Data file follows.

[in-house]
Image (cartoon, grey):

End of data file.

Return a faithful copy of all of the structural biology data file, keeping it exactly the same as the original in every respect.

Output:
[in-house]
Image (cartoon, grey):